7 Health Self Checks

Nobody knows your body better than you. You live in it every day. You are responsible for its care and maintenance.

Yet sometimes you forget to check it out.

Health self checks should be a part of your wellness routine. They are simple and you can do them at home.

Here are 7 health self checks that you should be doing:

HEART RATE CHECK

Each year 1 in 4 Americans die from heart disease. It is the leading cause of death for men and women. Monitoring your heart rate may help you spot developing health issues.

According to the American Heart Association your heart rate should be between 60 and 100 beats per minute.

The easiest place to find your pulse is in your wrist.

  • Turn your hand so that your palm is facing up.
  • Place the three middle fingers from your other hand over your wrist below the base of your thumb.
  • Press down until you feel a pulse.
  • Count the number of beats for 30 seconds and double that number to get your heart rate.

BLOOD PRESSURE

If you have high blood pressure, then hopefully you already check this one regularly. Known as “the silent killer”, high blood pressure has no symptoms until there is damage to the heart or arteries.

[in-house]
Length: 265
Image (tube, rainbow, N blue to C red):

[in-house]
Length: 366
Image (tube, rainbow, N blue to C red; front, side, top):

Normal blood pressure is at or below 120/80.

  • Systolic: The top, higher number measures pressure in the arteries when the heart beats. It should be 120 or below.
  • Diastolic: The bottom, lower number measures pressure in the arteries between beats. It should be 80 or below.
7 Health Self Checks

A home blood pressure monitor is a good investment. Make sure that it is accurate, and the cuff size fits your arm. Sit quietly while you take your blood pressure and rest your arm on a surface at heart level. Place the cuff on bare skin, not over clothing.

SKIN

One of the easiest health self checks you can do is to check your skin for new or changing conditions. Skin cancer is the most common type of cancer and you can see it without any special equipment.

Look for new or changing moles, blemishes or freckles. Examine all areas including your palms and soles of your feet, scalp, ears and your back.

The Centers for Disease Control recommends the A-B-C-D-Es of melanoma: